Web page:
But I seriously doubt that, consistently with the Fourth Amendment, as well as the prohibition of the Fifth against compulsory self- incrimination, Congress could enact a general law requiring all persons, individual or corporate, engaged in business subject to congressional regulation to produce, either in evidence or for an administrative agency's or official's examination, any and all records, without other limitation, kept in connection with that business. Such a command would approach too closely in effect the kind of general warrant the Fourth Amendment outlawed. That would be even more obviously true, if there were any difference, in case Congress [335 U.S. 1 , 76]   should delegate to an administrative or executive official the power to impose so broad a prohibition.

The authority here conferred upon the Administrator by the Emergency Price Control Act, in reference to record-keeping and requiring production of records, closely approaches such a command. Congress neither itself specifies the records to be kept and produced upon the Administrator's demand nor limits his power to designate them by any restriction other than that he may require such as 'he deems necessary or proper to assist him,' 202(a), (b), (c), in carrying out his functions of investigation and prescribing regulations under, as well as of administration and enforcement of, the Act. And as the authority to specify records for keeping and production was carried out by the Administrator, the only limitation imposed was that the records should be such as had been 'customarily kept.' 14(b), M.P.R. 426, 8 Fed.Reg. 9546, 9549. Such a restriction is little, if any, less broad than the one concerning which I have indicated doubt that o ngress itself could enact consistently with the Fourth Amendment.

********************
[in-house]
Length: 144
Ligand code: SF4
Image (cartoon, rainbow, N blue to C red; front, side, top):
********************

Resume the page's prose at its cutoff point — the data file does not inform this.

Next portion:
The authorization therefore is one which raises serious question whether, by reason of failure to make more definite specification of the records to be kept and produced, the legislation and regulations involved here do not exceed the prohibition of the Fourth Amendment against general warrants and unreasonable searches and seizures. There is a difference, of course, and often a large one, between situations where evidence is searched out and seized without warrant, and others where it is required to be produced under judicial safeguards. But I do not understand that in the latter situation its production can be required under a warrant that amounts to a general one. The Fourth Amendment stands as a barrier to judicial and legislative as well as executive or administrative excesses in this respect. [335 U.S. 1 , 77]   Although I seriously question whether the sum of the statute, as construed by the Court, the pertinent regulations, and their execution in this case does not go beyond constitutional limitations in the breadth of their inquiry, I express no conclusive opinion concerning this, since for me the statutory immunity applies and is sufficient to require reversal of petitioner's conviction. u